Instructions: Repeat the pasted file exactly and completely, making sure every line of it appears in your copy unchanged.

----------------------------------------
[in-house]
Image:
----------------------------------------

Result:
[in-house]
Image: